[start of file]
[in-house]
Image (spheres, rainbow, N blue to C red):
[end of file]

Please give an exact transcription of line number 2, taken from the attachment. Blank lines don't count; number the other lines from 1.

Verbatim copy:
Image (spheres, rainbow, N blue to C red):